The opioid crisis is taking a toll on construction workers—so much so that stakeholders in retrofit projects should consider its potential effects on safety.
Every retrofit project is a microcosm of broader trends. When Americans flock to cities to find living and working environments that are both authentic and sustainable, it creates opportunities for architects, contractors, city officials, building managers and others involved in retrofitting. But positive trends tend to be tempered by countervailing forces. In construction, the improving economy is translating into a robust pipeline of projects. The shortage of construction workers, though, means that contractors often struggle to find enough qualified people.
The opioid crisis adds another complication.
According to a 2017 survey by the National Safety Council, substance abuse is a problem for about 15 percent of U.S. construction workers—almost double the national average. Construction sites can be dangerous places. Because construction workers suffer more injuries, aches and pains, they are more likely to abuse opioids. A study released this past February points to the effects of this in the Midwest, in particular. According to researchers with the Chicago-based Midwest Economic Policy Institute (MEPI), the opioid epidemic took the lives of nearly 1,000 construction workers in the region in 2015 alone.
The labor shortage could be a factor here. Contractors’ labor-reporting data from the past couple of years shows a clear trend toward employee overwork—hockey stick-shaped graphs for both overtime and double time. On the ground, that means more construction workers are part of projects that are behind schedule, over budget and understaffed. On a tense job site with flaring tempers, looming deadlines and exhausted crews, safety can suffer. Substance abuse can become more likely, as well.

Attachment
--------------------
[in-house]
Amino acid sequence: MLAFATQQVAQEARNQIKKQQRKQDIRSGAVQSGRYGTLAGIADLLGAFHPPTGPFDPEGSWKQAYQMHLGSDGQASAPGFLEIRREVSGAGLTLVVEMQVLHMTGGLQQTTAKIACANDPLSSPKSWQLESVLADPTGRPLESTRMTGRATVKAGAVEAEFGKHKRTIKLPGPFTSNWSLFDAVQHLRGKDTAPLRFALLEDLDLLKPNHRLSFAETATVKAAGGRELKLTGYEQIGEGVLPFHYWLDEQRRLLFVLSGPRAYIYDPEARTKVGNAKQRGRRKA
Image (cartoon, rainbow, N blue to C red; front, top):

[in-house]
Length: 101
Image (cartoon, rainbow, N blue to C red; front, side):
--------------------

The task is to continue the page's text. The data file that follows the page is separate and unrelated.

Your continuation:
How can those involved in retrofitting projects reduce these risks?
The MEPI researchers write that contractors could do more to encourage physical therapy and educate their workers about the dangers of opioid abuse. They also recommend putting workers into low-risk positions until they have stopped taking opioids. More broadly, all parties involved in retrofit projects could redouble their efforts to create safer and more relaxed job sites. This may mean taking a step back and reevaluating deadlines, particularly with respect to their potential effects on the health and wellbeing of crews. The good news is that by being more precise about planning and manpower distribution, companies stand to lower their labor costs, reduce safety-related liability risks and bolster work quality to boot.
Paying more attention to job-site stress will not end the opioid crisis in construction. However, it can and should be part of a multifaceted response. By focusing a bit more on how workers actually experience job sites, decision-makers can better safeguard the people whose hard work turns older buildings into the reinvigorated spaces admired and enjoyed by us all.